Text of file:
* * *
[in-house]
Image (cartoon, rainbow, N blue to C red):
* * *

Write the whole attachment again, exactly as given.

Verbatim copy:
[in-house]
Image (cartoon, rainbow, N blue to C red):